NASA may send its first robotic spacecraft to the Sun by next yearIn a major technological advancement, NASA is aiming for the sun and is all set to launch a Solar Probe Plus mission in 2018. NASA is planning to send its first robotic spacecraft to the
In a major technological advancement, NASA is aiming for the sun and is all set to launch a Solar Probe Plus mission in 2018. NASA is planning to send its first robotic spacecraft to the Sun by 2018 that is slated to get within six million kilometres of the blazing star to probe its atmosphere.
NASA plans to send its first robotic spacecraft to the Sun next year that is slated to get within six million kilometres of the blazing star to probe its atmosphere. Humans have sent spacecraft to the Moon, Mars and even distant interstellar space. Now, NASA plans to launch the Solar Probe Plus mission to the Sun which is about 149 million kilometres from the Earth.
“This is going to be our first mission to fly to the Sun,” said Eric Christian, a NASA research scientist at Goddard Space Flight Centre.” We can’t get to the very surface of the Sun,” but the mission will get close enough to answer three important questions, Christian said. First, the mission will hopefully unveil why the surface of the Sun, called the photosphere, is not as hot as its atmosphere, called the corona.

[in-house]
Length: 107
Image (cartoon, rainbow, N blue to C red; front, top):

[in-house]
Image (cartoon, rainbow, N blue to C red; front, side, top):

According to NASA, the surface temperature of the Sun is only about 5,500 degrees Celsius. However, the atmosphere above it is a sizzling two million degrees Celsius. “You would think the farther away you get from a heat source, you would get colder. Why the atmosphere is hotter than the surface is a big puzzle,” Christian said. The scientists also want to know how solar wind gets its speed, ‘Live Science’ reported.
“The Sun blows a stream of charged particles in all directions at a million miles an hour. But we do not understand how that gets accelerated,” he said. The mission may also ascertain why the Sun occasionally emits high-energy particles that are a danger to unprotected astronauts and spacecraft.
The unmanned probe will have special heat tubes called thermal radiators that will radiate heat that permeates the heat shield to open space, “so it does not go to the instruments, which are sensitive to heat,” Christian added.
(With PTI Inputs)